Japan's public broadcaster NHK reported late last week that the Japanese Ministry of Economy, Trade and Industry plans to introduce the open-source operating system Linux for use within classrooms across the country in the near future. According to an investigation conducted in the spring of last year, there are currently over 400,000 computers at schools in Japan running on either Windows 98 or Windows Me, systems no longer supported by the software manufacturer Microsoft.
Well, in fact, there isn’t one missing link. But in this FOSSwire article, I’m going to look at one major issue standing in the way of getting desktop Linux any serious market share. And that is OEMs.
Today, at the EclipseCon Conference, Oracle, a newly appointed Eclipse Board Member and Strategic Developer, announced it will donate its award winning Java persistence framework, Oracle TopLink, to the open source community. In addition, Oracle announced the proposal of a new Eclipse project to deliver a comprehensive persistence platform based on the contribution of Oracle TopLink, a component of Oracle Fusion Middleware, source code and test cases.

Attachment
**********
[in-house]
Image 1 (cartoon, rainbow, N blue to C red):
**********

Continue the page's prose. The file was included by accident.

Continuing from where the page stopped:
The wait is almost over. It may have taken two weeks longer than Red Hat Inc would have liked, but Red Hat Enterprise Linux 5, the updated version of the company's commercial Linux platform, will be launched along with a bevy of new products and services on March 14.
A publisher of magazines focusing on the Linux computer operating system has launched its North American headquarters in downtown Lawrence.
Advocates and users of free and open source software (FOSS) technology believe that it is too late for any form of crusade to discredit FOSS as it is already widely used.
The sources made the statement following reports that some private software firms are now using marketing funds to mislead enterprises towards adopting the open source strategy.
"Spring forward; Fall back," That's the way the saying goes. Some years I get it backwards, but I eventually catch on. I've never had to worry about my PCs getting it wrong before, though. Now, with the recent changes in the Daylight Savings Time (DST) rules, I do.
According to the Fedora Project's statistics page, as of Monday, Fedora Core 6 has reached 2 million installations, approximately 4.5 months since its release. Here is one blog post about it, from the Fedora Project Leader. On their Wiki page is a more complete description of where their numbers come from, with weekly summaries.